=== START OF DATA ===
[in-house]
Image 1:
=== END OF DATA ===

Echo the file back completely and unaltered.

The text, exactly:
[in-house]
Image 1: